Wisconsin State Journal

Ex-district attorney may face another investigation
0:06 AM 3/16/04
Dee J. Hall Wisconsin State Journal

Former Winnebago County District Attorney Joseph Paulus could face an investigation into allegations he withheld or tampered with evidence in dozens of criminal cases, local officials said Monday.

In a separate investigation, the FBI has been probing Paulus since May 2002 after an Oshkosh woman came forward to say she paid her defense attorney, Milton Schierland, $5,000 in cash in 1999 to ensure she wouldn't be convicted of a third drunken driving offense in Winnebago County.

Last week, Paulus resigned from the private law firm where he'd been practicing. Partner Gerald Boyle said Paulus "said enough for me to know he has some very serious, serious trouble" coming "in the next few weeks."

A spokesman for the FBI in Milwaukee wouldn't comment on the investigation.

Paulus didn't return phone calls left at his Oshkosh law office. Schierland, who also worked for a time as an assistant district attorney under Paulus, also didn't return a message left at his Oshkosh law office.

In addition to the federal investigation, Winnebago County District Attorney William Lennon said Monday his office has received "dozens and dozens" of complaints from defendants and defense attorneys alleging misconduct by Paulus, who was Winnebago County's top law-enforcement official for 14 years.

In 2001, Paulus was on short lists of candidates to become the U.S. attorney for the western or the eastern district of Wisconsin.

Lennon said he will wait to see if federal charges are filed to determine whether an investigation into allegations of prosecutorial misconduct is warranted. "I want somebody to look at this stuff," he said.

"What I can confirm is we are waiting to see what the FBI and the U.S. attorney's office files," said Lennon, who defeated fellow Republican Paulus in the 2002 election. "We want to see the scope of their charges. We want to see the scope of their investigation. If we feel there's more ground to be covered, one of the options would be to have a 'John Doe' investigation in this county. Another is to refer it to the attorney general office's Public Integrity Unit."

Assistant District Attorney Mike Balskus said his review of some cases handled by Paulus shows "it's clear that Joe withheld evidence from the defense." Balskus confirmed the cases being reviewed by his office include some of Paulus' most highly publicized efforts as a prosecutor, including at least one murder case. He declined to be more specific.

"We're looking at the way (the cases) were handled and whether or not there were problems with evidence used to obtain convictions," Balskus said.

Balskus said based on his office's contact with federal authorities, the federal investigation appears to be focused on alleged cash-for-leniency deals and possible tax evasion by Paulus.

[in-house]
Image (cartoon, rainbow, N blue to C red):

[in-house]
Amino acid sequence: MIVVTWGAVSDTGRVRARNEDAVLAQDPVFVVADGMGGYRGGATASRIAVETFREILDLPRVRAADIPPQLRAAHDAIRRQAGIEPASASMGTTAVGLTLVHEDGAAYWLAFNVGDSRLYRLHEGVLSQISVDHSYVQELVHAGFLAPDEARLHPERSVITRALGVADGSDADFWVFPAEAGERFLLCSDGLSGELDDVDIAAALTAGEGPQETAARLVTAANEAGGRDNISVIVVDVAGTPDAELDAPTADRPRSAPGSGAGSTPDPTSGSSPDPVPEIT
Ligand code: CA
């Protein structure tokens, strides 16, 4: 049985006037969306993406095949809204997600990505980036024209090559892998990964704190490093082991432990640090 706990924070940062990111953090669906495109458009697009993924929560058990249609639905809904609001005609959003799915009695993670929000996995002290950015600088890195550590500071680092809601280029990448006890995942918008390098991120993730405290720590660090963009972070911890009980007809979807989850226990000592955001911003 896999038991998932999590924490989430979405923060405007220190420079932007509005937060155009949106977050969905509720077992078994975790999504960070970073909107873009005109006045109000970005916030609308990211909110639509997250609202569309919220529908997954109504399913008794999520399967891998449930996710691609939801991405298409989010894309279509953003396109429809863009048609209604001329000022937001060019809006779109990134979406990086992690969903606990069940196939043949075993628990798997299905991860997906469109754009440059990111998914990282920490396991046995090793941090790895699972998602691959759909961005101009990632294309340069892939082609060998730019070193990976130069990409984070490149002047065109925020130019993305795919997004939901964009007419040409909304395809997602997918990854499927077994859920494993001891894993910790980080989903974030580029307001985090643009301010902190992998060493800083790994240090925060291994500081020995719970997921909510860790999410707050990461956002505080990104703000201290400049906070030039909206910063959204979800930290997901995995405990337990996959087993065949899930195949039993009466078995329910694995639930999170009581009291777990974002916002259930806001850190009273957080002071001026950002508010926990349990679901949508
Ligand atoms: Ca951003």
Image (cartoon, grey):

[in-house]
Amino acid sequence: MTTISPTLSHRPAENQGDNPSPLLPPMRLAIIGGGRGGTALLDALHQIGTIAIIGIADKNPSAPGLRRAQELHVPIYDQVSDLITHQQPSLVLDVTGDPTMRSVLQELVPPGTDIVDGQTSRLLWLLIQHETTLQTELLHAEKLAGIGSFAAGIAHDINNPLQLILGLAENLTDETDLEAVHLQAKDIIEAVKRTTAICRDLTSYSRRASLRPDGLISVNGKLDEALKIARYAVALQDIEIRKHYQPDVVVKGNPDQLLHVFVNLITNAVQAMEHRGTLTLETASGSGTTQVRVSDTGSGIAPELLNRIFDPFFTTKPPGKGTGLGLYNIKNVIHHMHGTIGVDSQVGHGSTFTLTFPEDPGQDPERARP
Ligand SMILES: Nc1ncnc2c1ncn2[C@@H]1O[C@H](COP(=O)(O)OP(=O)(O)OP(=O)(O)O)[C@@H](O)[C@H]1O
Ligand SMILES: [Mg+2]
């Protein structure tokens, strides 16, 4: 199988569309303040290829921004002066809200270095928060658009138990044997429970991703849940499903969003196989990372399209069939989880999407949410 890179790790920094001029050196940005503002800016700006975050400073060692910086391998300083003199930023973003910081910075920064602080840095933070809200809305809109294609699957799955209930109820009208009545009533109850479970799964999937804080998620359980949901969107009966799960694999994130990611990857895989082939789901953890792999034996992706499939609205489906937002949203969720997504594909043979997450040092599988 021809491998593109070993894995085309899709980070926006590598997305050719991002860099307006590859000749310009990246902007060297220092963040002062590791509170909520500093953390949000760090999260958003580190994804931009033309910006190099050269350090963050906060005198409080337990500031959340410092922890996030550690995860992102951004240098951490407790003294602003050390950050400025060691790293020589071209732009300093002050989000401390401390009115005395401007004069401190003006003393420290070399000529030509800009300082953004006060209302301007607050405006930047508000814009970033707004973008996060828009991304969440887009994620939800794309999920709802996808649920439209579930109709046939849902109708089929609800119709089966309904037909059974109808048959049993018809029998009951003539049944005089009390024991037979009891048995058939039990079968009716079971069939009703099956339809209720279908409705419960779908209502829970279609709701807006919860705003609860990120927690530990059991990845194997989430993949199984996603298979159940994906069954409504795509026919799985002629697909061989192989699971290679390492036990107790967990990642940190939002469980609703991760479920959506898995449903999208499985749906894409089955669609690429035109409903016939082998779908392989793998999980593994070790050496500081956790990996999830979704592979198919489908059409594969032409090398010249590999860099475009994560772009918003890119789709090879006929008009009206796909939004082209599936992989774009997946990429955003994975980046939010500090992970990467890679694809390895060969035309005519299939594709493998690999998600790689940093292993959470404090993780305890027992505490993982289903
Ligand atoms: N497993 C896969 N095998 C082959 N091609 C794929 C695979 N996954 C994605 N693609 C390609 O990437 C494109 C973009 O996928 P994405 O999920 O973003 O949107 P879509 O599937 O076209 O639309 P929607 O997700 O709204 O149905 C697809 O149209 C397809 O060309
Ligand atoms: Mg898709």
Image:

"I don't think that the feds are interested in (prosecutorial misconduct)," Balskus said. "I think they were interested in money that went into (Paulus's) pocket."

The FBI has obtained information about at least three dozen cases handled by Paulus from 1995 to 2002, including cases involving drug dealing, drunken driving, theft and disorderly conduct. Lennon confirmed that in some cases, the prosecutors' files are missing.

The case that sparked the federal investigation involved Connie Christensen, an Oshkosh woman arrested in 1999 on a tentative charge of drunken driving-third offense. In a sworn statement, Christensen said, "(Schierland) said he talked to some people that owed him favors and that he was 98 percent sure he could get me off because he could pull some strings. He told me for $5,000 he could get me off of this. He said there would be no jail time or assessment, or anything on my record."

Christensen said she saw Paulus give Schierland her case file at the Winnebago County Courthouse. When Christensen's case was called, one of Paulus's assistants asked Judge Barbara Key to dismiss the case, saying the file was missing, the statement said. Court records show Christensen was convicted of reckless driving and paid a fine.

"After the court case, I felt shocked by what I saw," Christensen wrote. "I thought, 'I guess money can buy anything.' "

Paulus lost re-election in 2002 after news of the FBI probe surfaced and one of his political opponents released a tape recording of Paulus bragging about having sex in the district attorney's office. After losing the election, Paulus joined the firm of Milwaukee defense attorney Boyle, who said Paulus "obviously didn't tell me the truth" about the allegations against him.

Contact Dee J. Hall at dhall@madison.com or 252-6132.

Police/Prosecutor Misconduct
John Maloney

Truth in Justice